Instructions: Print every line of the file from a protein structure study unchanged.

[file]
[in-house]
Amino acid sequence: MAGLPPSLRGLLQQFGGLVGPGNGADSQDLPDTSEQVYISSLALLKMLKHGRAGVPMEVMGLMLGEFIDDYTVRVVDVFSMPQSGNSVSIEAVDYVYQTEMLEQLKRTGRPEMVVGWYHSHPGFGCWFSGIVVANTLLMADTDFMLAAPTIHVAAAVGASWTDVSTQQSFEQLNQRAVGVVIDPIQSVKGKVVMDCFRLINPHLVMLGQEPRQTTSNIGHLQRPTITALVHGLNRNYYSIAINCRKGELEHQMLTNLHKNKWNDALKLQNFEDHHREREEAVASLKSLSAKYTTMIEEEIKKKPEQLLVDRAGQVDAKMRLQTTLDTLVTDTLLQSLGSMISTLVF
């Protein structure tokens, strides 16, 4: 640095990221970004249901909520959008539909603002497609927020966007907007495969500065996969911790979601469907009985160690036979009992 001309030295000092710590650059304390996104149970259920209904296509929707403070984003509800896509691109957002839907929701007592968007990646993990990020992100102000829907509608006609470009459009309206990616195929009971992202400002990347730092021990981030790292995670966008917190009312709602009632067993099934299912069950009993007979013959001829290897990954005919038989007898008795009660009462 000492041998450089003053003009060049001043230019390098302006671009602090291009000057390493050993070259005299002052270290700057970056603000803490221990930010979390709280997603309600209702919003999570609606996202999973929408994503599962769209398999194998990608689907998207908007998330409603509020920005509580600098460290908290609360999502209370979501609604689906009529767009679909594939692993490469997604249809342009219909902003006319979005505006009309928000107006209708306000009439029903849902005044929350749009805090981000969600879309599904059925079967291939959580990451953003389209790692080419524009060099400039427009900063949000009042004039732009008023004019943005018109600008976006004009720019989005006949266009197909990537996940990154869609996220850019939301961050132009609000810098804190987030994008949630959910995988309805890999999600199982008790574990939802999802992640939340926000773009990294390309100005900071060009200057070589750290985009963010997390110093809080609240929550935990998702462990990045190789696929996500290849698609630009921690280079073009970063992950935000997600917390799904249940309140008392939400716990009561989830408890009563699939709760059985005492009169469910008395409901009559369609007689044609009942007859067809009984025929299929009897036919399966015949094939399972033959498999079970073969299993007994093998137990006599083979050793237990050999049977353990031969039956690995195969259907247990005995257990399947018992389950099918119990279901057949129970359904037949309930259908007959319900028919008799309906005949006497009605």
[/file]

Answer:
[in-house]
Amino acid sequence: MAGLPPSLRGLLQQFGGLVGPGNGADSQDLPDTSEQVYISSLALLKMLKHGRAGVPMEVMGLMLGEFIDDYTVRVVDVFSMPQSGNSVSIEAVDYVYQTEMLEQLKRTGRPEMVVGWYHSHPGFGCWFSGIVVANTLLMADTDFMLAAPTIHVAAAVGASWTDVSTQQSFEQLNQRAVGVVIDPIQSVKGKVVMDCFRLINPHLVMLGQEPRQTTSNIGHLQRPTITALVHGLNRNYYSIAINCRKGELEHQMLTNLHKNKWNDALKLQNFEDHHREREEAVASLKSLSAKYTTMIEEEIKKKPEQLLVDRAGQVDAKMRLQTTLDTLVTDTLLQSLGSMISTLVF
């Protein structure tokens, strides 16, 4: 640095990221970004249901909520959008539909603002497609927020966007907007495969500065996969911790979601469907009985160690036979009992 001309030295000092710590650059304390996104149970259920209904296509929707403070984003509800896509691109957002839907929701007592968007990646993990990020992100102000829907509608006609470009459009309206990616195929009971992202400002990347730092021990981030790292995670966008917190009312709602009632067993099934299912069950009993007979013959001829290897990954005919038989007898008795009660009462 000492041998450089003053003009060049001043230019390098302006671009602090291009000057390493050993070259005299002052270290700057970056603000803490221990930010979390709280997603309600209702919003999570609606996202999973929408994503599962769209398999194998990608689907998207908007998330409603509020920005509580600098460290908290609360999502209370979501609604689906009529767009679909594939692993490469997604249809342009219909902003006319979005505006009309928000107006209708306000009439029903849902005044929350749009805090981000969600879309599904059925079967291939959580990451953003389209790692080419524009060099400039427009900063949000009042004039732009008023004019943005018109600008976006004009720019989005006949266009197909990537996940990154869609996220850019939301961050132009609000810098804190987030994008949630959910995988309805890999999600199982008790574990939802999802992640939340926000773009990294390309100005900071060009200057070589750290985009963010997390110093809080609240929550935990998702462990990045190789696929996500290849698609630009921690280079073009970063992950935000997600917390799904249940309140008392939400716990009561989830408890009563699939709760059985005492009169469910008395409901009559369609007689044609009942007859067809009984025929299929009897036919399966015949094939399972033959498999079970073969299993007994093998137990006599083979050793237990050999049977353990031969039956690995195969259907247990005995257990399947018992389950099918119990279901057949129970359904037949309930259908007959319900028919008799309906005949006497009605």